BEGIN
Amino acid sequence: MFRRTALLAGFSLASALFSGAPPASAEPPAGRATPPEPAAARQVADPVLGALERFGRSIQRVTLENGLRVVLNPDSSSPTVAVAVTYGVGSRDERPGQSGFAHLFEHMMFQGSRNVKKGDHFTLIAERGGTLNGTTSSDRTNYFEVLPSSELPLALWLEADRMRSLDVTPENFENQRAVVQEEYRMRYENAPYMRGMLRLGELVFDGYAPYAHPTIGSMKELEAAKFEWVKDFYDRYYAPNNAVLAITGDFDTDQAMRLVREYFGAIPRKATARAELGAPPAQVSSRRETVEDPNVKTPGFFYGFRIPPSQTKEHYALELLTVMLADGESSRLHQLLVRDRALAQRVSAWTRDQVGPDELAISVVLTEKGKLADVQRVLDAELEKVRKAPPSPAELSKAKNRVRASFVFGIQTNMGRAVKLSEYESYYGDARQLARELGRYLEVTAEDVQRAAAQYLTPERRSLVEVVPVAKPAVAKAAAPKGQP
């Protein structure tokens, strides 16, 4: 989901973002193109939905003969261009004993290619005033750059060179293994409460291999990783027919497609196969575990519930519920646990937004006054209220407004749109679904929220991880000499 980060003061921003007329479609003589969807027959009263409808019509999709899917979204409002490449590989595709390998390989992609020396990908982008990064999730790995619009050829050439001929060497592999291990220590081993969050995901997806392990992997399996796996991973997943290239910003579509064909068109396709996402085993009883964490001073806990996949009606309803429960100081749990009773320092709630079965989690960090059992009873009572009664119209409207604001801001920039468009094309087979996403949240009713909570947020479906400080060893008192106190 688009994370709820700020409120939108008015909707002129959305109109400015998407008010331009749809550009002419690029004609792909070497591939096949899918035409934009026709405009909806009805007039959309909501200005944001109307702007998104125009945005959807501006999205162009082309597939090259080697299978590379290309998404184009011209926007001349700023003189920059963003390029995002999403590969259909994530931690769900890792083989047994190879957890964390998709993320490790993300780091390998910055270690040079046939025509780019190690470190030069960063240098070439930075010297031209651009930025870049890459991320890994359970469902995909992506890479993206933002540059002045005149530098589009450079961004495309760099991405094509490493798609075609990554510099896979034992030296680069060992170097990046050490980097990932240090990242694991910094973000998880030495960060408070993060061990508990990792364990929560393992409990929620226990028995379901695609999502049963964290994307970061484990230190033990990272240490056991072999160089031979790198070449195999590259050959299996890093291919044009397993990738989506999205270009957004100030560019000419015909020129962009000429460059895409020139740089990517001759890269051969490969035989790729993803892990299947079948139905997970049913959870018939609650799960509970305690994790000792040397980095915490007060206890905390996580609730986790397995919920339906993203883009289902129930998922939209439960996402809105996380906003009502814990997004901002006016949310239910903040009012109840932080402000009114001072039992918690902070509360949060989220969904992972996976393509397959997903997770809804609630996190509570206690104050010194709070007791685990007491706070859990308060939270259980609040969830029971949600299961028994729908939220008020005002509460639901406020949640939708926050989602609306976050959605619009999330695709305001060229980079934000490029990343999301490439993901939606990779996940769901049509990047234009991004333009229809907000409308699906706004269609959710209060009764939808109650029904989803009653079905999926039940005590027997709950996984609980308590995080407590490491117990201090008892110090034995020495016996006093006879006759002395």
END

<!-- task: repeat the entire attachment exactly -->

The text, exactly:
Amino acid sequence: MFRRTALLAGFSLASALFSGAPPASAEPPAGRATPPEPAAARQVADPVLGALERFGRSIQRVTLENGLRVVLNPDSSSPTVAVAVTYGVGSRDERPGQSGFAHLFEHMMFQGSRNVKKGDHFTLIAERGGTLNGTTSSDRTNYFEVLPSSELPLALWLEADRMRSLDVTPENFENQRAVVQEEYRMRYENAPYMRGMLRLGELVFDGYAPYAHPTIGSMKELEAAKFEWVKDFYDRYYAPNNAVLAITGDFDTDQAMRLVREYFGAIPRKATARAELGAPPAQVSSRRETVEDPNVKTPGFFYGFRIPPSQTKEHYALELLTVMLADGESSRLHQLLVRDRALAQRVSAWTRDQVGPDELAISVVLTEKGKLADVQRVLDAELEKVRKAPPSPAELSKAKNRVRASFVFGIQTNMGRAVKLSEYESYYGDARQLARELGRYLEVTAEDVQRAAAQYLTPERRSLVEVVPVAKPAVAKAAAPKGQP
């Protein structure tokens, strides 16, 4: 989901973002193109939905003969261009004993290619005033750059060179293994409460291999990783027919497609196969575990519930519920646990937004006054209220407004749109679904929220991880000499 980060003061921003007329479609003589969807027959009263409808019509999709899917979204409002490449590989595709390998390989992609020396990908982008990064999730790995619009050829050439001929060497592999291990220590081993969050995901997806392990992997399996796996991973997943290239910003579509064909068109396709996402085993009883964490001073806990996949009606309803429960100081749990009773320092709630079965989690960090059992009873009572009664119209409207604001801001920039468009094309087979996403949240009713909570947020479906400080060893008192106190 688009994370709820700020409120939108008015909707002129959305109109400015998407008010331009749809550009002419690029004609792909070497591939096949899918035409934009026709405009909806009805007039959309909501200005944001109307702007998104125009945005959807501006999205162009082309597939090259080697299978590379290309998404184009011209926007001349700023003189920059963003390029995002999403590969259909994530931690769900890792083989047994190879957890964390998709993320490790993300780091390998910055270690040079046939025509780019190690470190030069960063240098070439930075010297031209651009930025870049890459991320890994359970469902995909992506890479993206933002540059002045005149530098589009450079961004495309760099991405094509490493798609075609990554510099896979034992030296680069060992170097990046050490980097990932240090990242694991910094973000998880030495960060408070993060061990508990990792364990929560393992409990929620226990028995379901695609999502049963964290994307970061484990230190033990990272240490056991072999160089031979790198070449195999590259050959299996890093291919044009397993990738989506999205270009957004100030560019000419015909020129962009000429460059895409020139740089990517001759890269051969490969035989790729993803892990299947079948139905997970049913959870018939609650799960509970305690994790000792040397980095915490007060206890905390996580609730986790397995919920339906993203883009289902129930998922939209439960996402809105996380906003009502814990997004901002006016949310239910903040009012109840932080402000009114001072039992918690902070509360949060989220969904992972996976393509397959997903997770809804609630996190509570206690104050010194709070007791685990007491706070859990308060939270259980609040969830029971949600299961028994729908939220008020005002509460639901406020949640939708926050989602609306976050959605619009999330695709305001060229980079934000490029990343999301490439993901939606990779996940769901049509990047234009991004333009229809907000409308699906706004269609959710209060009764939808109650029904989803009653079905999926039940005590027997709950996984609980308590995080407590490491117990201090008892110090034995020495016996006093006879006759002395």